Is the CISSP Becoming Watered Down?
The Certified Information Systems Security Professional (CISSP) has quickly become one of the most talked about certifications in the IT industry. Some may say it's approaching the popularity of Cisco's CCIE.
But like other popular certifications before it, the CISSP has begun to receive criticism from people who say it's "easy" or "not applicable to real life." Any popular certification is bound to go through this phase.
This happened most clearly for the MCSE certification. Masses of people began using cram guides and boot camps that defiantly helped them pass the test, but didn't make them any better at implementing Microsoft technologies. Because of this, the cert became watered down and stopped realizing its function of providing a "baseline" of Microsoft knowledge.
This watering down has happened to a lesser extent with the CCNA cert. Although to their credit, Cisco has updated this several times, and now includes a more hands on simulation in the CCNA. Nevertheless, the CCNA is very popular and like most other very popular certs, gets watered down.
The CISSP isn't suffering the same "watering down" symptoms that have affected these other certs for one very important reason. A CISSP cram book is 1,000 pages long. (I know that there are shorter cram guide type books, but trust me when I say that these can only be used in conjunction with other longer books.)
Most certification tests have a core set of topics, with each topic being covered by several different questions. (Think subnetting in the CCNA) Don't get me wrong, the CISSP does have a core set of topics called the 10 common bodies of knowledge (CBK). But each of these domains has several (even dozens) of separate concepts.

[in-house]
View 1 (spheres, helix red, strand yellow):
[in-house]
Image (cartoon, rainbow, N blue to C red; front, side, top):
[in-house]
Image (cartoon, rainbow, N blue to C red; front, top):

Let's say in the CCNA, that you firmly understand two concepts, subnetting, and the OSI model. You may not know anything about routers or switches, may not even know how to spell CCNA. But if you know how to subnet and the OSI model, then you will still do fairly well. You may not pass, but it would be close.
In the CISSP, by contrast, you have to learn about types of fire extinguishers, vulnerabilities of Java scripts, how to choose physical locations of buildings, how memory interacts with the CPU, several different types of encryption algorithms, how high fences should be, etc. Notice the similarities in these topics? Me neither. And that's exactly why the CISSP is not becoming watered down.
The fundamental concept behind the CISSP has never changed. If you study for, and pass this test, you will be an expert at nothing, but you will know a little about everything. Isn't that what we are looking for in managers?
So the next time you think of mocking a CISSP who doesn't know this or that specific technical nuance, think to yourself "What kind of fire extinguisher does it take to put out an electrical fire" Should an expert fire extinguisher repairman make fun of a CISSP for not knowing something very specific, like the ratio of chemicals inside the extinguisher?